February 8, 2012

04CN: Nigeria's Rising Religious Conflict Takes Toll on Adventist Church

Nigeria’s Rising Religious Conflict
Takes Toll on Adventist Church

Open-air meetings curtailed, churches fast, pray for peace (Posted Feb. 9, 2012)

BY GILBERT WEEH, West-Central Africa Division, reporting from Abidjan, Ivory Coast

The Seventh-day Adventist Church in Nigeria is seeing a drop in church attendance and some church closures amid worsening religious conflict in the country.

An upsurge of attacks against Christian churches by the extremist group Boko Haram beginning late last year has led to ongoing sectarian violence between Muslim and Christian groups in northeastern Nigeria.

Adding to the tumult, the country’s government recently eliminated energy subsidies, doubling the price of gasoline and inciting nationwide strikes and demonstrations. News reports indicate that Nigerians are living in fear of continuing unrest.

Meanwhile, Nigerian writer Chimamanda Ngozi Adichie called on religious leaders in her country to speak out against the violence, the Guardian, a British newspaper, recently reported.

“Christian leaders must continue to preach peace and togetherness so that Christians do not retaliate,” Adichie told the Guardian. “Muslim leaders must strongly and repeatedly condemn the violence against Christians and make it clear that Boko Haram does not represent Nigerian Islam,” she said.

The Adventist Church in the country has devoted recent days to fasting and prayer for the ongoing situation. Church administration in the country is encouraging membership to work in small groups and avoid large public religious gatherings. Open-air evangelism efforts have been put on hold because of a curfew and the fragile security situation, church officials said.

Also, a January 2012 opening ceremony for the Benjamin S. Carson, M.D., School of Medicine at church-owned Babcock University has been postponed, in part over concerns about the current climate in the country.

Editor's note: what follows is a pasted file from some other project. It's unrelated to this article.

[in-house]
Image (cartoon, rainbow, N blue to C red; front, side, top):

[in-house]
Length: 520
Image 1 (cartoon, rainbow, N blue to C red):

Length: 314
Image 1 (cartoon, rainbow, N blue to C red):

According to a report by North East Nigeria Conference president Stephen  H. Bindas, the Adventist Church there has not suffered property damage or loss of life. However, some individual members have had their property looted or burned.

“The situation in northern Nigeria shows how a lack of religious freedom can affect the life of churches, and why we must promote and strongly defend this essential freedom before it is too late,” said John Graz, director for the Adventist world church’s Public Affairs and Religious Liberty Department.

Church attendance in northeast Nigeria has dropped drastically, leading to church closures in some regions where most members are traveling businesspeople who have returned to their homes. In other churches, pastors have left their congregations for fear of being killed.

The situation has produced a wave of small-group evangelism, church leaders said. As Nigerian Adventists funnel their efforts to spread the Adventist hope on a smaller scale, church officials in the country are soliciting the prayers and support of the world church family.
                                                                                                                     —with reporting by Adventist News Network

Abuja’s central mosque